Mental Health Reform seeks structure, plan and resources to deliver commitments on mental health
The government has been urged to deliver on its commitments to mental health by publishing a detailed plan for reform of services within its first 100 days in Office.
Mental Health Reform welcomed commitments to mental health in the Programme for Government and said the coalition partners can now show their commitment by instructing the HSE to put in place an accountable structure, implementation plan and resourcing to deliver on their promises.
Launching Mental Health Reform’s detailed response to the Programme for Government, Director Orla Barry said that Ireland’s mental health plan A Vision for Change needs to be fully implemented by 2016, but in order to achieve this more than just a policy context is needed.
“What is now needed are clear steps and accountability for how this policy will be implemented. At the current rate of progress A Vision for Change will not be implemented even by the outside target of 2016. To break the ‘implementation deficit’ which the last Government did not address, we are calling on the new Government to signal its commitment to improving mental health services by instructing the HSE to deliver an accountable structure, a published implementation plan for A Vision for Change and resourcing commitments within the first 100 days in Office.
The immediate steps which Mental Health Reform said need to be taken are:
1. An Accountable Structure
A Vision for Change has no single senior executive within the HSE who is responsible for its implementation. An accountable structure must be established to oversee the implementation of the plan with a Director for Mental Health Services responsible.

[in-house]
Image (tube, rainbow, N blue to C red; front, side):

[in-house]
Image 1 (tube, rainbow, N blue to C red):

2. A Published Plan
The HSE must publish a detailed Implementation Plan for the commitments given in the Programme for Government setting out deliverables, a timeline and who is responsible.
3. Financial Commitment
A commitment to increasing the proportion of health budget money dedicated to mental health is required. The proportion of health budget spending on mental health is currently approximately 5% and this should be targeted to reach 8% by 2016. Mental health funding should also be transparently ring-fenced and reported as a specific budget line within the health budget.
Furthermore, mental Health Reform welcomed the Government’s commitment to establish a Cross – Departmental Group on Mental Health and urged this to be set up as soon as possible. The group added that the government would show real commitment to mental health by enacting legislation that places obligations on the HSE to plan, deliver and report on A Vision for Change.
It is estimated that one in four people experience a mental health difficulty during their lives and that the cost of poor mental health to the Irish economy was €3bn, or 2% of GNP, in 2006.
Cultural shift to ‘Recovery Model’
Mental Health Reform said that a further reason why A Vision for Change has not been sufficiently implemented is because the necessary cultural shift in how we think about mental health and related services has not taken place.A Vision for Change is about moving from a highly medical model of care to a holistic, mental health system that promotes well-being, supports recovery and enables the empowerment of service users.
“To drive this change a programme of education for mental health professionals, service users, family members and communities is required to engender new attitudes and expectations. Training programmes for mental health professionals should be re-shaped to be in line with the approach set out in A Vision for Change,” Orla Barry concluded.
Ronan Cavanagh, Montague Communications: (01) 830 3116 or (086) 317 9731.
Full response to Programme for Government at W: www.mentalhealthreform.ie
Mental Health Reform
Mental Health Reform was established in 2006 (then called the Irish Mental Health Coalition) as a coalition of the founding organisations which include Amnesty International Ireland, Bodywhys – The Eating Disorders Association, Grow, the Irish Advocacy Network and Shine. Mental Health Reform is currently expanding its membership and is committed to placing mental health in a central position within the public discourse for reform.